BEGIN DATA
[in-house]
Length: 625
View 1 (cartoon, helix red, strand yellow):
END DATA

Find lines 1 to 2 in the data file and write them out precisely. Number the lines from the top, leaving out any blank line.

[in-house]
Length: 625